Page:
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County-owned building

Warren County supervisors are looking at options for this county-owned building, currently rented to D&G Recycling, including possibly selling it. Part of it is used to house county Office of Emergency Services vehicles.

QUEENSBURY — Warren County leaders are trying to figure out what to do with the Warren Street building that houses a recycling company and some of the county’s emergency services vehicles.

The building at 299 Lower Warren St. was formerly part of the Ciba Geigy complex and has been used in recent years by recycling companies and was recently rehabilitated so it could house some of the Office of Emergency Services’ trailers and vehicles.

D&G Recycling has used a building and external space on the property for plastics and paper recycling, but its contract has been on a month-to-month basis. Queensbury at-large Supervisor Michael Wild, who has been reviewing use of the property for the county Board of Supervisors, said Perkins Recycling, a Queensbury company that formerly was located at the site, wants to return there.

Since multiple entities are interested in using the building, the county should see if it can find a buyer for the 14.85-acre property, Wild said, pointing out a railroad line runs next to it. It also houses a garage that is used by the county Department of Public Works.

“It could be worth a lot of money,” Wild said.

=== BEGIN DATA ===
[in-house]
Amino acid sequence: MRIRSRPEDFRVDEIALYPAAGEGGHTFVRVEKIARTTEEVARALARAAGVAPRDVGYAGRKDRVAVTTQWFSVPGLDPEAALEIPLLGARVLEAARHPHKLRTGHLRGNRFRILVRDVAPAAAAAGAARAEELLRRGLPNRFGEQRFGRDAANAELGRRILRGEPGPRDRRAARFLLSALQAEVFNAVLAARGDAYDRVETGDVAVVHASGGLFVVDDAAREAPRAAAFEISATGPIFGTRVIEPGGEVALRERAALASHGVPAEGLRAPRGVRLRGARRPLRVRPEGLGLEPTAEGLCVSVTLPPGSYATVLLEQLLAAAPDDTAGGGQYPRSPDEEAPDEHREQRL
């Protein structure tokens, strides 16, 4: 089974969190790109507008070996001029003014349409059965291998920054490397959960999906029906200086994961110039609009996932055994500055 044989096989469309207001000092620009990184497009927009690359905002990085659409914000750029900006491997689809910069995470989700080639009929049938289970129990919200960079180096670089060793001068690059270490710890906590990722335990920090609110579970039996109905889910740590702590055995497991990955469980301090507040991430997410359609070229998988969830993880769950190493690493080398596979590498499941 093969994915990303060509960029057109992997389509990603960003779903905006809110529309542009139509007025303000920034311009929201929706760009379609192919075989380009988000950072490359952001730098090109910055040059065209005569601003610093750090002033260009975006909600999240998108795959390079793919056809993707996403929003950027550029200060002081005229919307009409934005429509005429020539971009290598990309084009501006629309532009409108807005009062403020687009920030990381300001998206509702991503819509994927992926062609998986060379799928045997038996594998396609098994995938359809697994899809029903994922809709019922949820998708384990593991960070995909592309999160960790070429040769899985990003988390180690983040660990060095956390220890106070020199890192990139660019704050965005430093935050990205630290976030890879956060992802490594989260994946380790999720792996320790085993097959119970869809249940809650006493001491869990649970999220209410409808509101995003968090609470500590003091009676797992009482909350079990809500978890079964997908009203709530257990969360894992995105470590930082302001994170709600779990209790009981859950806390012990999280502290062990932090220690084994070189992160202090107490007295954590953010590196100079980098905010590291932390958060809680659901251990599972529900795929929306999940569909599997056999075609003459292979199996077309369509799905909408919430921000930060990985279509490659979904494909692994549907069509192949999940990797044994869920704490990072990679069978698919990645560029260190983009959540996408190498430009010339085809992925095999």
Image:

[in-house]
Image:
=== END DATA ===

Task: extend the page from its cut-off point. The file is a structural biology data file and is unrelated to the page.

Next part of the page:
The former Ciba Geigy pigment plant next to the county-owned property was the site of years of environmental cleanup efforts. Queensbury Supervisor John Strough pointed out there could be concerns about contamination that leached into bedrock on the site.

The Board of Supervisors Facilities Committee passed a resolution to have an appraiser value the property, although the project could be handled by the firm the county retained for railroad issues since a rail siding runs next to the property.

That the county put $80,000 to $100,000 into the main building on the complex to provide winter cover for Office of Emergency Services vehicles complicates the situation, as the county had quotes for projects that could have resulted in a new standalone building for the vehicles for that price.

In the interim, the county has agreed to extend its contract with D&G recycling for another 30 days, despite concerns about the state of the recycling facility. Wild said D&G Recycling indicated it would clean up the property, but the issue persisted as of last week.

“We still have an issue with garbage strewn all over the place,” Wild said.

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reporter - crimes & courts, public safety and Warren County government

Don Lehman covers crime, Warren County government and the outdoors for The Post-Star. His work can be found on Twitter @PS_CrimeCourts and on poststar.com/app/blogs.

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